That’s it, I’m Going Naked! (I’m Living Make-Up Free, and I’m Here to Tell the Tale)

Naked Nettles

I’m going naked. That’s right, nude. Completely unadorned and unfettered. What I’m talking about isn’t illegal, but it is taboo, at least where I live.

I’m talking about going without make-up.

A few weeks ago I read a rant in my favorite feminist blog about a campaign coordinated by the  BBC’s annual Children In Need, which sponsored models to go without make-up. In public. The horror. It got me to thinking about cosmetics in the context of socially enforced beauty standards.

Many of us are aware of the toxins in our commercialized beauty products. And after recently watching The Story Of Cosmetics by Annie Leonard, I’ve been even further put off by the cosmetics industry.

However, it wasn’t either of these very compelling arguments that prompted my decision to never wear make-up, it was something my five-year-old daughter told me. We were washing the dishes last week and she turned to me out of the blue and said,

“Mama, you’re ugly without make up. Why don’t you ever wear it?”

The emotions and thoughts that raced through me were broad and intense. I was devastated that she thought I was ugly. I was angry at whatever outside source may have penetrated my heavy parental (and feminist) filtration. I felt defensive (hey, I’m not ugly!), and insecure, (am I?)

Her statement also prompted unsettling feelings from  my own childhood and how I had viewed my mother as unattractive. It was all very mixed up and confusing, but I had to act quickly. I could see that she was carefully gauging my reaction and it felt like one of those critical, possibly even defining moments. It turns out that it was, for me anyway.

I took a moment to make sure there was no hurt in my voice and then I told her, “I’m sorry you think that. It wasn’t nice for you to say, but I know you weren’t trying to hurt my feelings. I must say that I completely disagree with you. I am beautiful, inside and out.

She didn’t respond, and to be honest, I don’t think she is convinced. She has her own ideas of beauty separate from mine, and I just don’t measure up. I can’t take it personally. I have to ask myself what is more important: that my daughter sees me as physically beautiful, or that she sees me as confident and comfortable in my own skin?

I realize that despite the television ads, billboards and even peer pressure, I am my daughter’s strongest female role model. She will ultimately look to me for guidance, even when she does not completely agree with me. If I had gone running straight for the eye-shadow and blush, it would have sent a strong message that I define myself by my looks, and that her disapproval of me was serious enough to change my standard practice (I stopped wearing make up regularly a year ago).

Therefore, I have decided to rebel against my daughter. I am going to do the opposite of what she thinks I should do. Not because she pushed my buttons, but because I want her to know that my priority is for me to be happy with the way I look – not for others to be happy with it.

Although I have not worn make-up regularly for over a year, my online images showed me wearing it. I took a new bare-faced photo that looks pleasing enough and I uploaded it my Facebook and Google profiles. I put my few cosmetics in the back of a closet, only to be brought out for super special occasions, like weddings, so that I don’t attract too many stares. I’m making a point here, that I love the way I look even with my wrinkles and spotty skin, not to mention a notable lack of eyebrows and pale eye lashes.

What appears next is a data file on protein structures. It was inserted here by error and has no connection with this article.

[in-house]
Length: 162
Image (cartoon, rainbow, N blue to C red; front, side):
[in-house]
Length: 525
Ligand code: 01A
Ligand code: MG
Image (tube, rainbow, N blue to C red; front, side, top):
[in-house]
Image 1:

There are other things that I am doing to teach my daughter about the integrity of inner beauty, but I also want to be careful not to undermine her own personal values. I refuse to say negative things about make-up, because I know that she likes it.

The message I want her to learn is to be confident in who she is, and if I put down something that she feels is wonderful, I would be putting her down as well – and that would be an ugly thing to do.


Destany Fenton, Author of They Are All of Me
Destany is an artist who works from home while raising her four kids, who range in age from teens to littles. A self proclaimed cheapskate and “maker-queen,” her do-it-yourself attitude compels her to promote self-education, frugality, and taking responsibility for our global community. She is attentive to her children and works to foster and maintain a deep connection with each one, while finding harmony within herself and remembering to take time for her husband. When she is not painting, cooking, gardening, knitting or playing with her kids – even the big ones, she is blogging about her life at They Are All of Me, where she shares crafts, recipes, and crazy mama mishaps that are bound to crop up when living with pets, teenagers and little ones.

Photo Credits

Gaylon Keeling

14 Responses to That’s it, I’m Going Naked! (I’m Living Make-Up Free, and I’m Here to Tell the Tale)

  1. Andrea  

    Great post – I agree with your sentiment. The great thing about raising kids is that we are able to see them develop into their own person and develop their own views on things. Your decision not to show her how hurt you were by her statement, but instead show her that you respect her opinion yet disagree was the right move. Your little one will grow up respecting the fact that she has a mama who is strong, confident and beautiful!